When Annie dies, Darwin is devastated and struggles to find the faith in himself to complete his book. While Emma takes solace in the idea that their beloved daughter is in heaven with God, Charles can’t bring himself to share her comforting belief. Nor is he willing to accept the insulting and feeble “comfort” that Annie’s death is part of some greater divine plan; he has studied nature’s cruelties and is too much a scientist to pretend that his family is exempt from them.

While Charles struggles with personal demons, the rest of the world waits for the product of his work. In one pivotal scene, Thomas Huxley (a piss-and-vinegar-brimming Toby Jones) confronts Darwin, urging him to complete his long-gestating book. When Darwin says he needs more time and more evidence, Huxley barks: “Mr. Darwin, either you are being disingenuous, or you do not fully understand your own theory. Evidently what is true of the barnacle is true of all creatures—even humans. Clearly the Almighty can no longer claim to have authored all species in under a week. You’ve killed God, sir. You’ve killed God.” Darwin is unnerved by this bold, confrontational statement, but Huxley continues: “Science is at war with religion—and when we win, we’ll finally be rid of those damned Archbishops and their threats of eternal punishment!” One hundred and fifty years later the archbishops are still around, and the “debate” continues.

Never before has the threat of Darwin’s ideas to creationism been so clearly depicted in a mainstream movie. While other films have downplayed or glossed over the friction between On the Origin of Species and the Bible, Creation tackles it head-on. Stephen Jay Gould’s conciliatory notion of the non-overlapping magisteria of science and religion is out the window; here we have the bare-knuckled, Richard Dawkins view.

Though the Church of England did not officially denounce Darwin or his books upon publication in 1859, many senior Anglicans and bishops were hostile to Darwin’s ideas and challenged them at public debates. In 2008, the Reverend Malcolm Brown, head of the Church of England’s public affairs department, issued a statement that the church owes Charles Darwin a belated apology for its initial reaction to On the Origin of Species, and “by getting our first reaction wrong, encouraging others to misunderstand [Darwin] still.”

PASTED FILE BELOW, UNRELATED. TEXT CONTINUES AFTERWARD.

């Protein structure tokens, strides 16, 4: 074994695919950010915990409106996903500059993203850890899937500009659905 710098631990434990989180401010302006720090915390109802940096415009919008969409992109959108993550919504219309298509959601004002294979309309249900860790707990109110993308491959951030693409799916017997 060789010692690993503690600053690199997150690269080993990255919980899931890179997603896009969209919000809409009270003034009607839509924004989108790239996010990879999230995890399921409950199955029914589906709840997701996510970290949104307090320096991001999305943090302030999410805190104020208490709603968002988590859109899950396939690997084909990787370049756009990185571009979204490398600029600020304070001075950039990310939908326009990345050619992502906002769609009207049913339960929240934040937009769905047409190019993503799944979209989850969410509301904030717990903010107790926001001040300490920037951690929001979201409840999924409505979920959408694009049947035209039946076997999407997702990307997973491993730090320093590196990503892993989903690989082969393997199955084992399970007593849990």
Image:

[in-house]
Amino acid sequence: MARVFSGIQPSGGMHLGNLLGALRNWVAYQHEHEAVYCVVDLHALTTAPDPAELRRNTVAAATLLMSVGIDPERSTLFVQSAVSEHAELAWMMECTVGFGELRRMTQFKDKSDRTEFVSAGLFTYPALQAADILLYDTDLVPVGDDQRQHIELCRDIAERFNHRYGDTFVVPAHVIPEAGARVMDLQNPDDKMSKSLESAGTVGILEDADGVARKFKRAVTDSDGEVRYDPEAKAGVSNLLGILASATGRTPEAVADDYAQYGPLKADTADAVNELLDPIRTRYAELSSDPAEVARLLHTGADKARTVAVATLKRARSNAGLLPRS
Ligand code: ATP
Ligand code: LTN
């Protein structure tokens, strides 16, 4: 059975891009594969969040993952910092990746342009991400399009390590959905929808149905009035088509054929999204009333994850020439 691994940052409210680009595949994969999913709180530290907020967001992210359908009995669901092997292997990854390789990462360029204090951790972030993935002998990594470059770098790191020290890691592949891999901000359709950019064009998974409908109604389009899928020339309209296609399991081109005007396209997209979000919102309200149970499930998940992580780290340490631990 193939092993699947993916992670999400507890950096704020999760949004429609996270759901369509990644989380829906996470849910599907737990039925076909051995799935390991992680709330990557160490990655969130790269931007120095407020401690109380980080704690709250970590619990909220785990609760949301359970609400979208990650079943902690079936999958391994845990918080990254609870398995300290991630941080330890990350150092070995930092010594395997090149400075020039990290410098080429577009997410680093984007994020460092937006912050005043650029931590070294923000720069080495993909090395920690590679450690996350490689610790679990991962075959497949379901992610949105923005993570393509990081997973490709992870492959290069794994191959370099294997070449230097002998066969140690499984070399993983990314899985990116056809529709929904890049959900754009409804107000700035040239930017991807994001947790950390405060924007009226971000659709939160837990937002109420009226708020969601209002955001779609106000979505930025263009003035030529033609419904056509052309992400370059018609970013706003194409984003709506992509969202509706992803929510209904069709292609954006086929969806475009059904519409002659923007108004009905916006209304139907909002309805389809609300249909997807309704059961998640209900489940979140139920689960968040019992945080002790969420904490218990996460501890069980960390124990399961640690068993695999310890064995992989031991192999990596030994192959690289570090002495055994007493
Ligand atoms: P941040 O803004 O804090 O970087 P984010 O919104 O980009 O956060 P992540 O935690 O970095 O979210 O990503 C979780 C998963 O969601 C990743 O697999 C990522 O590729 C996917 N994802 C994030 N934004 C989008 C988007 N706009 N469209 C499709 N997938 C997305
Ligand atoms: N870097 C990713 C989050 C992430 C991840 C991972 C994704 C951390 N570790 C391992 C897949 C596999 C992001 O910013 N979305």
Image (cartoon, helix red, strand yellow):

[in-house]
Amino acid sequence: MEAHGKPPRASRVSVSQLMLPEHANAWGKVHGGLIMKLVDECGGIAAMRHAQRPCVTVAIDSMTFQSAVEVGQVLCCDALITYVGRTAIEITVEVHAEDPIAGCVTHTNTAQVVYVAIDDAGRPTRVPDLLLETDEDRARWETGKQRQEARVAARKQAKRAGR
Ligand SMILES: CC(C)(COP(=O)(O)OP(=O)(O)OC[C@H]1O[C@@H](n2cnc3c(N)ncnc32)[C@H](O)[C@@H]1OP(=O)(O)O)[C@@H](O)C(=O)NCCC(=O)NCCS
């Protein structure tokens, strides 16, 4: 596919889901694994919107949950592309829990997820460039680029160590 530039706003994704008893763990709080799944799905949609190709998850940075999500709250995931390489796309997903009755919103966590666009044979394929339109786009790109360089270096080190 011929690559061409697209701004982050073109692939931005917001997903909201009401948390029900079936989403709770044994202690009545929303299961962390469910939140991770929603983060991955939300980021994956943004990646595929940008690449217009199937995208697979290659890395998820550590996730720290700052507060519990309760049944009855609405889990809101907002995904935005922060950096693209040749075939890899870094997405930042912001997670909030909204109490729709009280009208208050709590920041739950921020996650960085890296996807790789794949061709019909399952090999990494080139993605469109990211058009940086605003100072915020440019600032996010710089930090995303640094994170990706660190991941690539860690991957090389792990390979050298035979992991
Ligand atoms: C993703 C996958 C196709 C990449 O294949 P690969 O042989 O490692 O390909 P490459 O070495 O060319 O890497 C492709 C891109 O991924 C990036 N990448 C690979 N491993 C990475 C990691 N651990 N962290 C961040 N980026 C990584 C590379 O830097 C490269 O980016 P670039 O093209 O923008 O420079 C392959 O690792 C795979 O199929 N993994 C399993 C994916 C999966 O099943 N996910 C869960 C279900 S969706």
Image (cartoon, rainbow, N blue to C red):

In an interview with The Guardian, Paul Bettany said, “Darwin was a social conservative who had a revolutionary idea, and it was very difficult for him. I think once he had this idea, he couldn’t help seeing how it fit like a glove everywhere he looked, in the indifferent cruelty of nature. I don’t think it is a film about atheism, but for me, as an atheist, to have a viable alternative is incredibly important. The difficulty of looking at a system like natural selection if you have any sort of moral sense yourself, is almost what makes it beautiful. It’s a spur to try and rise above our own nature. Human beings have brains that are big enough to take them out of that brutality, and that is a faith of sorts, because it’s in the face of overwhelming evidence to the contrary. . . . Darwin is a hero of mine and I think in the absence of Jesus, he’s a really useful hero to have.”